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provided preliminary results for the second quarter that exceeded analysts’ expectations, citing productivity gains and cost savings in the face of challenges resulting from the pandemic. The company expects net losses to be reduced to $205 to $190 million, or $1.10 to $1.02 per share, compared with a loss of $402 million, or $2.17 per share, a year ago. Excluding non-recurring items, the company is forecasting an adjusted loss per share of 8 cents to break even, compared to the FactSet consensus forecast of a loss of 58 cents per share. Revenues are expected to decline to $2.10 to $2.18 billion, down from $2.71 billion a year ago, but above the FactSet consensus of $2.09 billion. Alcoa is forecasting a 5% increase in mine production and a 2% increase in refinery production compared to the first quarter of 2020, and primary aluminum production is expected to increase by 3%. Alcoa stated that it expects cash balances to exceed $950 million, compared to $829 million at March 31.

– AMC Entertainment Holdings Inc.
AMC
,

which owns the world’s largest movie theatre chain,

jumped

nearly 14% after hours on Tuesday following a Wall Street Journal report that said the company was close to a restructuring agreement that would avoid bankruptcy in the short term
.
AMC would reject a financing offer from lenders, including Apollo Global Management, in favor of a $200 million financing effort led by the Silver Lake Group, which would be in addition to the $200 million in financing from small bondholders. AMC saw its financial results wiped out as it was forced to close more than 1,000 theatres worldwide due to the pandemic. Its U.S. theatres are now scheduled to reopen on July 30. In June, MAC warned of a net loss of $2.417 billion for the first quarter

– Party City Holdco Inc.
PRTY
, +10.93


announced that its shares were once again in compliance with the listing standards of the New York Stock Exchange. The retailer received a notice of non-compliance on April 9 and regained compliance on June 30.

– Simply Good Foods Co.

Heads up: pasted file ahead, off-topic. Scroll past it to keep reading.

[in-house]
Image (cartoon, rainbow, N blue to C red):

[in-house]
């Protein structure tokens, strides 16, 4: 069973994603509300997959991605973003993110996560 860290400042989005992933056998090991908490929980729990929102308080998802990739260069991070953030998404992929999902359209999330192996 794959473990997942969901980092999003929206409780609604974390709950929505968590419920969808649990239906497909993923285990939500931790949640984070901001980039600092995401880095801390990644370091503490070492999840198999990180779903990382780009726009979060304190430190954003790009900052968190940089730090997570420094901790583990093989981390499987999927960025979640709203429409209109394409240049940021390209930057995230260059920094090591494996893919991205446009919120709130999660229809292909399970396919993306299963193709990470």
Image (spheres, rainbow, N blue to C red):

SMPL
,
the nutrition bar and ready-to-drink shake company

,

reported earnings and sales for the third fiscal quarter that exceeded expectations and provided an optimistic earnings outlook as the loading of the VID19 pantry at the beginning of the quarter helped drive results

.

The company stated that after increased sales due to early loading of baskets, home containment restrictions weighed on sales until these restrictions began to ease in May and June. For fiscal 2020, the Company is forecasting adjusted EPS of 86 to 90 cents, compared to the FactSet consensus of 79 cents, and expects sales of $790 to $800 million, lower than the current $810.4 million forecast

– Instant Messaging Platform Slack Technologies Inc.
LABOUR
, UP 4.93%


acquired Rimeto, a provider of business directory services, for an undisclosed sum. Rimeto “offers a searchable, enterprise-wide directory, automatically integrating information from across your business to provide rich profiles of individual employees, their skills, experience and current projects,” said Slack. It does not update the guidance for fiscal 2021 provided on June 4, as the acquisition is not expected to have a significant impact on its results.

– Taylor Morrison Home Corp.
TMHC
,+13.18%


reported that June was the strongest month in its history, with a 94% year-on-year increase in net orders for a total of 1,715 and a monthly record of 4.3 sales. “While the economic difficulties caused by COVID-19 were felt mostly in the early part of the quarter, Taylor Morrison ended the second quarter with net sales orders up approximately 23% year-over-year and a sales pace of 2.8,” the company said in a release. Closures were 3,212, a 24% increase over the same period last year. The company’s order backlog for contract homes grew by about 35 per cent to 6,805 homes with a sales value of $3.2 billion at June 30, up from $2.4 billion a year ago. In addition, the company plans to offer $400 million in 10-year bonds, joining the many companies that raised capital during the pandemic. The proceeds of the issue will be used with available cash to repay approximately $222.4 million of its 6.00% senior bonds due 2023 and approximately $277.6 million of its 5.875% senior bonds due 2025.

Link to source

2020-07-09